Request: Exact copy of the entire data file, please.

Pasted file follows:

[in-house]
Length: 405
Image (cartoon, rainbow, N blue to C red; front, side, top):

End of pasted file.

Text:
[in-house]
Length: 405
Image (cartoon, rainbow, N blue to C red; front, side, top):